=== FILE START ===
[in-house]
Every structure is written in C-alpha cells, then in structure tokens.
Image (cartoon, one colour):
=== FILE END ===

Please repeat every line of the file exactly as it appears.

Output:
[in-house]
Every structure is written in C-alpha cells, then in structure tokens.
Image (cartoon, one colour):